In other words, the size of dynamic arrays can be changed at runtime, which is one of the key advantages of dynamic arrays. The next example creates an array of integer values and then calls the Copy function to resize the array. The SetLength function creates a larger or smaller array and copies the existing values to the new array. The Low and High functions ensure you access every array element without looking back in your code for the correct lower and upper index values.

Share Flipboard Email. Zarko Gajic.You must be logged to download. Click here to login. No, I'd like to download without make the donation. Graduated in System Analysis, in business development for over six years, where he worked in companies of various segments such as financial, commercial, parking, etc.

He is currently a third-party developer analyst Navy of Brazi String to Byte and Byte to String: Delphi. Save this as uFrmPrincipal. Wesley Yamazack Batista teste Graduated in System Analysis, in business development for over six years, where he worked in companies of various segments such as financial, commercial, parking, etc.

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See the prices for this post in Mr. Subscribe for this package! Click here to login If you don't have a MrBool registration, click here to register free. You need have acess to enable the download links.Use ReadBuffer to read Count bytes from the stream into a buffer in cases where the number of bytes is known and fixed, for example when reading in structures.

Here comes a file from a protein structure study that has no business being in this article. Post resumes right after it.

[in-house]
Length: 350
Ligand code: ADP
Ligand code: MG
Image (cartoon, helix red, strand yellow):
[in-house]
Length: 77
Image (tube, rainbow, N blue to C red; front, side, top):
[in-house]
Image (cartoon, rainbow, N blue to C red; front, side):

ReadBuffer is used internally for loading from a stream and copying from a stream. ReadBuffer calls Read to do the actual reading. If Count bytes cannot be read from the stream, an EReadError exception is raised. Collapse All. Reads bytes from the stream into Buffer.

Use this project to create files of any encoding. This example requires two text edits and a combobox. Create Edit1. Create Edit2. GetPreamble; LFileStream. Free; end ; end ; procedure TForm1. Unicode' ; Add 'TEncoding. Default' ; Add 'TEncoding. The list box should contain one or more items. When the form becomes visible, click on the button and the contents of the list box will be transferred to a stream and then to the rich edit control.

Create; ListBox1. Lines, nil ; TempStream. Free; end ; procedure TForm1. Size - Stream. EndUpdate; end ; end ; procedure TForm1.

Add 'Apples' ; ListBox1. Add 'Oranges' ; ListBox1.

Simple Types (Delphi)

Add 'Pears' ; end. See Also. Copyright C Embarcadero Technologies, Inc. All Rights Reserved. What do you think about this topic? Send feedback!